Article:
We’ve lived so long under the spell of hierarchy—from god-kings to feudal lords to party bosses—that only recently have we awakened to see not only that “regular” citizens have the capacity for self-governance, but that without their engagement our huge global crises cannot be addressed. The changes needed for human society simply to survive, let alone thrive, are so profound that the only way we will move toward them is if we ourselves, regular citizens, feel meaningful ownership of solutions through direct engagement. Our problems are too big, interrelated, and pervasive to yield to directives from on high.
—Frances Moore Lappé, excerpt from Time for Progressives to Grow Up
Tuesday, April 7, 2015
Forgotten History: The Rise and Fall of the Russian Oligarchs
Several years ago I was very curious about what had actually happened in Russia following the fall of the Soviet Union. At the time this was happening in the late 1980s and early 1990s, there was little in Western media reporting on what was happening there, and what there was, was so skewed by pro-capitalist bias that I dismissed it. Several years ago I began seeing that there were more reliable reports coming out, but mostly in books. I selected one such book entitled Sale of the Century (2000) by Canadian journalist Chrystia Freeland. The book revealed how some well-positioned, sociopathic bureaucrats and privatization ideologues in the Soviet government saw the great opportunities that existed in the chaos following the fall, and by hook and by crook speedily took advantage of them with some Western help mostly in the form of advice and financing. But most of the money needed to pull off their takeover of state property was simply taken from the government and its banks.
But my knowledge of what has happened since then has been very sketchy. I have viewed only the first 30 minutes of the first video which reviews what happened after the fall of Soviet Union. Because it dovetails nicely with what I learned from Freeland's book, I was very impressed and became confident of its quality. Hence I am recommending it and very much looking forward to the second video which suggests that there has been a significant "fall of the Russian oligarchs". I knew that some had fallen, but don't know what really has changed. Hopefully the second video will shed some light on this. I don't normally post material without having read or viewed it, but due to a shortage of time and having viewed a substantial portion of the first video, I feel confident in posting both videos.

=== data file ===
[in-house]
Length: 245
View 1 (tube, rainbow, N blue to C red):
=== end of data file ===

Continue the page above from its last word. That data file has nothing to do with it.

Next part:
(5:15pm Seattle time) From watching the second film, it appears to me that Putin's regime up to 2005 had only gotten rid of the worst thieves of Russia's wealth and that much of this wealth has been restored to the Russian government. I noticed at the end of this film that the production date was 2005. Thus, there is a lot of history that is still needed in the years since then. What I would like to know is if further significant changes in the power structure of the country has occurred since 2005, and what they are.
I think the reason for the poor coverage by US media of these Russian events is precisely because what the Russian oligarchs did in Russia in less than 10 years excelled what the US oligarchs have accomplished very gradually over more than 200 years. However, the US oligarchs got away with it. The successful triumph of American capitalists is essentially reflected in the old boiling frogs metaphor.